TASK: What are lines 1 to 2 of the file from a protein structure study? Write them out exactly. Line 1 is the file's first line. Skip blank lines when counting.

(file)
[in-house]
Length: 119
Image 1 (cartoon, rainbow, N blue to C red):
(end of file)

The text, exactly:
[in-house]
Length: 119